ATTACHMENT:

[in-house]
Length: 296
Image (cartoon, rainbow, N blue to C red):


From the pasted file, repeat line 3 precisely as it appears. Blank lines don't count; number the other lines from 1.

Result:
Image (cartoon, rainbow, N blue to C red):